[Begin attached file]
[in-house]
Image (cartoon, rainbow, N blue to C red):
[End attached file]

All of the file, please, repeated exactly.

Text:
[in-house]
Image (cartoon, rainbow, N blue to C red):